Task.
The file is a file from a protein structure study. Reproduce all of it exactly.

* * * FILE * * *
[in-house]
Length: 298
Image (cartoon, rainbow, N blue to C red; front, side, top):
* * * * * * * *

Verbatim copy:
[in-house]
Length: 298
Image (cartoon, rainbow, N blue to C red; front, side, top):